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Comment on "Follow-Up to "Secret Ingredient""
by Blain — Sep 06
I'm honored! Mentioned, even!

The key difference, Anna is not that the people are there. Microsoft is stuffed to the gills with brilliant and creative people. And they use the talents of Kare et al. The difference is that they're not part of the leadership, either explicitly or defacto. Why Win3.1 is so different from System 1.0? I'd wager it was because Kare was part of the Macintosh team, and an influence. But most likely, she was only a paid consultant for Microsoft.

You've seen the Microsoft iPod video? That actually was made by MS's own branding/packaging team, a self-parody, in frustration at how they cannot do what they want, and bring simplicity and ease to the boxes.

As MJ pointed out, look at Scoble to see it in action at the macroscopic group level. Look at Mini-Microsoft to see it in action in the trenches. There is vision at Microsoft. Only, it's being ignored.

Apple had this problem during the dark days of the mid 90s. Internal battles, leadership by marketing and not by the whole, chaos and confusion, these are the signs of what Apple's secret ingredient removed. Remember that Ive joined in 92. So he was around during the days of the PowerMac 4400.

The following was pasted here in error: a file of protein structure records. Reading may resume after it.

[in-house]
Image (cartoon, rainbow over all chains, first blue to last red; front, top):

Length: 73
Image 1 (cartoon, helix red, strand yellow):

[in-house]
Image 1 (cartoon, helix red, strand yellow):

I do have to agree about the trouble of supporting hardware. I remember Apple showing off NextStep when they released the PowerMac 9600, and the sound card was not working with their implementation of Quicktime, much to their frustration. Two engineers with 30 years experience between them, both expressing relief that they'd be designing for a known system soon.

I do have to nod to Chris, in that I hesitated when putting Tevanian in the list. I'm already aware of his rep from Dareflaming Fireball, and being one from the classic mac side, I still miss some niceties of 8.6 that were pooh-poohed on. But being disagreeable does not make one uncreative, as Jobs is no saint himself at times.

One final note, is that Microsoft does have one major competitor, one that might be its undoing: Microsoft from the past. I'm out of time to look for it, but Jobs does often show the market share of MacOSX, in terms of how many are using 10.4 as opposed to 10.3 as opposed to 10.2. Especially given how recent even the older releases is, this is very telling, when the conversion is quite significant. Then look at browser stats, and you'll see that even as recent as Jan 2004, Win2K + Win98 had a greater market share than XP.
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